Recently I read the book “The Checklist Manifesto” by Atul Gawande.
“An essential primer on complexity in medicine” is what New York Times states about his book whilst The Hindu states this as “An unusual exploration of the power of to-do list”.
As an individual committed to perfection, in constant search of scientific and smart ways to test/prevent and as an architect of Hypothesis Based Testing, I was spellbound reading this brilliantly written book that made the lowly checklist the kingpin, to tackle complexity and establish a standard for higher baseline performance.
The problem of extreme complexity The field of medicine has become the art of managing extreme complexity. It is a test whether such complexity can be humanly mastered: 13000+ diseases, syndromes and types of injury (13000 ways a body can fail), 6000 drugs, 4000 medicines and surgical procedures each with different requirements, risks and considerations. Phew, a lot to get right.
So what has been done to handle this? Split up knowledge into various specializations, in fact, we have super specialization today. But it is not just the breadth and quantity of knowledge that has made medicine complicated, it is also the execution of these. In an ICU, an average patient required 178 individual interactions per day!
So to save a desperately sick patient it is necessary to: (1) Get the knowledge right (2) Do the 178 daily tasks right.
Let us look at some facts: 50M operations/year, 150K deaths following surgery/year (this is 3x #road-fatalities), at least half of these avoidable. Knowledge exists in supremely specialized doctors, but mistakes occur.
So what do you when specialists fail? Well, the answer to this comes from an unexpected source, nothing to do with medicine.
The answer is: THE CHECKLIST
On Oct 30, 1985, a massive plane that carries 5x more bombs roared and lifted off from the airport in Dayton, Ohio and then crashed. The reason cited was “Pilot error”. A newspaper reported, “this was too much airplane for one man to fly”. Boeing the maker of this plane nearly went bankrupt.
So, how did they fix this issue? By creating a pilot’s checklist, as flying a new plane was too complicated to be left to the memory of any one person, however expert. The result: 1.8 million miles without one accident!
In a complex environment, experts are against two main difficulties: (1) Fallibility of human memory, especially when it comes to mundane/routine matters which are easily overlooked when you are strained to look at other pressing matters of hand (2) Skipping steps even when you remember them, as we know that certain steps in a complex process don’t matter.
Checklists seem to provide against such failures and instill a kind of discipline of higher performance.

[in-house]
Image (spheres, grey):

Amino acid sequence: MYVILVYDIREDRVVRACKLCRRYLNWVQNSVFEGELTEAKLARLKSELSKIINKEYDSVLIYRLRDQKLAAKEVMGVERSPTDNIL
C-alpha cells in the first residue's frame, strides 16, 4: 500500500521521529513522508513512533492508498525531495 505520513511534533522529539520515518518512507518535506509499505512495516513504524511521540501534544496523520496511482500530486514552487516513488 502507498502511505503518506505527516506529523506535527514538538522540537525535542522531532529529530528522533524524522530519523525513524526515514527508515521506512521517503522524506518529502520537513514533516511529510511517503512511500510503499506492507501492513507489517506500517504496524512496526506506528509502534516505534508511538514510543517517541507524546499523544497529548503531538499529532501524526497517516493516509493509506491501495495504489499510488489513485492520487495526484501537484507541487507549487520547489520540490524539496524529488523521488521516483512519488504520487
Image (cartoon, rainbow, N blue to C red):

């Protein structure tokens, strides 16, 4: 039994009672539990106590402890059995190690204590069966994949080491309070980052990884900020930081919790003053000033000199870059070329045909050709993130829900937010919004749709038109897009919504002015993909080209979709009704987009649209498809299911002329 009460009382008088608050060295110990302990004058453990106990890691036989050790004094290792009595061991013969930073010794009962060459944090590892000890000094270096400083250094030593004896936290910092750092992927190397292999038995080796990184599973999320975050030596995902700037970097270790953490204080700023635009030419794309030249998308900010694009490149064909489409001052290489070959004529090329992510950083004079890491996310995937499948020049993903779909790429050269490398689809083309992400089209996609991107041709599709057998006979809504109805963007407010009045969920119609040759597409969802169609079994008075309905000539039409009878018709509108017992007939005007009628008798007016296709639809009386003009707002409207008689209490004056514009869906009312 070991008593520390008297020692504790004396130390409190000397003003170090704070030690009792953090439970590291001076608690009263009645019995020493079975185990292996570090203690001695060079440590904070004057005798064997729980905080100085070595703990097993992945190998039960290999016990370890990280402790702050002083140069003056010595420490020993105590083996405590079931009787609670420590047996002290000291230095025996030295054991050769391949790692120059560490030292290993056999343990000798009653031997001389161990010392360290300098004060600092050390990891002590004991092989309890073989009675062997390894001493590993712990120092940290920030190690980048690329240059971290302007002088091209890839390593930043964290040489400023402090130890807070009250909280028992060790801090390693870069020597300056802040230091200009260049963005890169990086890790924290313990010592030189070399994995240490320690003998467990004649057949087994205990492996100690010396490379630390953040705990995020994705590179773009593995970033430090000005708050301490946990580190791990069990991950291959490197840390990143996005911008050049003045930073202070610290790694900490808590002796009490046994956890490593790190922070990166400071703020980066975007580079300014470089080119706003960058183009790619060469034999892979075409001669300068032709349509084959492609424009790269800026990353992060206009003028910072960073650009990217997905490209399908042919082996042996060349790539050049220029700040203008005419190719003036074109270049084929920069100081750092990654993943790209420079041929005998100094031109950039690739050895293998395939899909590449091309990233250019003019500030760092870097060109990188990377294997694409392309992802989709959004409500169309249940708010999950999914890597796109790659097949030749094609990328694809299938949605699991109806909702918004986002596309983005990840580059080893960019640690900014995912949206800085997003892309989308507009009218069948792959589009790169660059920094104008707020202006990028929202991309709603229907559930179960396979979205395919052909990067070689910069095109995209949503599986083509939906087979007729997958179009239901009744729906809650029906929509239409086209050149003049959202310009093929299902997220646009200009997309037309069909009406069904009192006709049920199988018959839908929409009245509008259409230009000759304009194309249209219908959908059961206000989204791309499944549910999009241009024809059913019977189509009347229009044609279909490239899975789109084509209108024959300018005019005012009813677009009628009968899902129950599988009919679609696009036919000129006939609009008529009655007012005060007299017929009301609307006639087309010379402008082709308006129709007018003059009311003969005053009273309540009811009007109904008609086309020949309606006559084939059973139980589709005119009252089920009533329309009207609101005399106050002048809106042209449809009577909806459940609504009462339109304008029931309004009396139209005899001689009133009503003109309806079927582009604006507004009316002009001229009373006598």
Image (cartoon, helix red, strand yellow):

Peter Provonost in 2001 decided to give a doctor’s checklist a try to tackle central line infections in ICU. So what was the result after one year of usage? Checklist prevented 43 infections and 8 deaths and saved USD 2M! In another experiment, it was noticed that patients not receiving recommended care dipped from 70% to 4% and pneumonia fell by a quarter and 21 fewer parents died.
In a bigger implementation titled the “Keystone Initiative” (2006) involving more hospitals of 18-month duration, the results were stunning- USD 17M saved, 1500+ lives saved!
ALL BECAUSE OF A STUPID CHECKLIST!
So where am I heading? As a Test Practitioner, I am always amazed at how we behave like cowboys and miss simple issues causing great consternation to the customer and users. Here again, it is not about lack of knowledge, it is more often about carelessness. Some of the issues are so silly, that they can be prevented by the developer while coding, and certainly does not demand to test by a professional. This is where a checklist turns out to be very useful.
In an engagement with a product company, I noticed that one of the products has a product backlog of ~1000 issues found both internally and by the customer. Doing HBT level-wise analysis, we found that ~50% of the issues could have been caught/prevented by the developer preventing the vicious cycle of fix and re-test. A simple checklist used in a disciplined manner can fix this.
So how did the checklists help in the field of medicine or aviation? They helped in memory recall of clearly set out minimum necessary steps of the process. They established a standard for higher baseline performance.
Yes! HIGHER BASELINE PERFORMANCE. Yes, this is what a STUPID CHECKLIST CAN DO!
So how can test practitioners become smarter to deliver more with less? One way is to instill discipline and deliver baseline performance. I am sure we all use some checklist or other but still find results a little short.
So how can I make an effective checklist and see a higher performance ? Especially in this rapid Agile Software world?
This will be the focus of my second part of this article to follow. Checklists can be used in many areas of software testing, I will focus in my next article on ‘How to prevent simple issues that plague developers making the tester a sacrificial goat for customer ire by using a simple “shall we say unit testing checklist”.